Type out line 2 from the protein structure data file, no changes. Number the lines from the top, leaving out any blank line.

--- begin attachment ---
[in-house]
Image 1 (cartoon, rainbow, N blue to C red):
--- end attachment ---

Image 1 (cartoon, rainbow, N blue to C red):